Is there any specific range for the --extended-insert option of mysqldump that it groups 1024 statements and then uses another extended insert..

My table has more than 10 million rows while dumping the data i haven't changed the max allowed packet size ( it is set to 100 MB ) and my table size is more than 10 GB


I think you are looking for --net_buffer_length and/or --max_allowed_packet. They are general client settings but they controls how large each package is even for mysqldump.

  • when should i consider increasing max_allowed_packet – vidyadhar Apr 8 '13 at 11:37
  • I don't know of any downsides of setting it to max but I'm sure it can't be perfect cause then it would be the default. In your case set it high enough to get a good performance in your dump/load but make sure the settings on the both machines match. – Andreas Wederbrand Apr 8 '13 at 11:58

I know that it's little bit obsolate, but if someone get stuck again this is what will help him. The problem in here is that mysql engine after executing mysqldump command will buffer all the tables in RAM, and after this is done will write to disk. When the tables cache is greater then size of server RAM we will have a problem. To bridge that use --quick option (example: mysqldump -h sitename.com -u root -ppass_word -x --all-databases --quick > dump_file_name.sql), it will write direct to disk. Besides the option name, this option is not quicker than BU with buffer.


I recently had the same problem, 1.1gb database exported with --opt but with lots of records and veeery slow to import, I leaved overnight and next morning it was still importing so I decided to stop and start again.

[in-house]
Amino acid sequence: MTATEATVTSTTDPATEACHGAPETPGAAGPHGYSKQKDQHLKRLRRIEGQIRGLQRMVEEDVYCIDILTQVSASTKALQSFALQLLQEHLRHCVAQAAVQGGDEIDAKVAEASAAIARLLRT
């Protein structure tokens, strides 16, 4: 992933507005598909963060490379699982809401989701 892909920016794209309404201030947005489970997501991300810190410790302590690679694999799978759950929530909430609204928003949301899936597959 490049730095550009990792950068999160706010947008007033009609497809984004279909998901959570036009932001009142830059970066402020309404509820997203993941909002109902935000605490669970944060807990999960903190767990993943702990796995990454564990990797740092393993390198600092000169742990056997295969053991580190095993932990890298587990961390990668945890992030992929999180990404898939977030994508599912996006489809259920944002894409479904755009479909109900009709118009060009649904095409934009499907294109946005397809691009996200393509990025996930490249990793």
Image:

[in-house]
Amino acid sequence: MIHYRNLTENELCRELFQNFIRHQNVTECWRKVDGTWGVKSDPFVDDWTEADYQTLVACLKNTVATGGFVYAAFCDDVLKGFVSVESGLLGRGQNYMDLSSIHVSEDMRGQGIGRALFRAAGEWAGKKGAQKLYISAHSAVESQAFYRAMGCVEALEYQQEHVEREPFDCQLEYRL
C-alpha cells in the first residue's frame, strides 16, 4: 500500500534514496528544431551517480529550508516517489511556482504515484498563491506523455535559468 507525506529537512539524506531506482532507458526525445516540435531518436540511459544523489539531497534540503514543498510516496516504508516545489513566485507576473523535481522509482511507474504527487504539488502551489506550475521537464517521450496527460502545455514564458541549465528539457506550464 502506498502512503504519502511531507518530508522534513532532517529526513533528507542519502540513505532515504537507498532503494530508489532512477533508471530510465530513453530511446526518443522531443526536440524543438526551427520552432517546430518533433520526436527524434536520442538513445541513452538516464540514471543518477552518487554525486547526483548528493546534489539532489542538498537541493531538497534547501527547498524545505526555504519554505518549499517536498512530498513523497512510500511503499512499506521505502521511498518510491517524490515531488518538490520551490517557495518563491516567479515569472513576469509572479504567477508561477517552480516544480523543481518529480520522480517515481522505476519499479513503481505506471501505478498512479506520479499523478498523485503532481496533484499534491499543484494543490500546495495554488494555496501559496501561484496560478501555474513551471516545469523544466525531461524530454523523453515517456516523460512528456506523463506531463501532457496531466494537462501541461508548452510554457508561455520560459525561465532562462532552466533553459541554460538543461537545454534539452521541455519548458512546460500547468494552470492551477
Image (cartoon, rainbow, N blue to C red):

Found out that this helped a lot https://dev.mysql.com/doc/refman/5.5/en/optimizing-innodb-bulk-data-loading.html

I entered the mysql shell and ran:

mysql> SET autocommit=0;
mysql> SET unique_checks=0;
mysql> SET foreign_key_checks=0;
mysql> SOURCE my_database.sql;

and started to see:

Query OK, 12315 rows affected (0.34 sec)
Records: 12315  Duplicates: 0  Warnings: 0

etc.. basically ran around 36k inserts per second but it did got slower overtime..

Query OK, 12305 rows affected (1.68 sec)
Records: 12305  Duplicates: 0  Warnings: 0

The explanation is simple, autocommit essentially flushes to disk on every insert, even with --extended-insert (by default on with --opt) but disabling that will group as much as it can before committing to disk, so I was able to group about 12k records before flushing, the other options disabled the key checks for improved performance.

At that rate I was able to import 13 million records in half hour or maybe even less, I didn't checked :)


If you want group 1024 insert statements, first get the length of a statement. For example, the legnth is 50 characters, total length will be 50K. In this case, try

$ mysqldump --net_buffer_length=50K [and your other arguments]

As Andreas pointed out you should set net_buffer_length and watch max_allowed_packet. mysqldump with net_buffer_length = 50K creates extended insert statements up to 50K long. 4K is the minimum value of net_buffer_length. You can also put the option in


net_buffer_length = 50K

Your Mysql server system must have the value larger then what you set for the client. my.cnf [mysqld] net_buffer_length = 1M for example. It's maximum value is 1M.

max_allowed_packet has to be much larger than this. This is packet size for a single statement your client/server will communicate. max_allowed_packet's default value is 16M and it can be up to 1G for MySQL 5.7.

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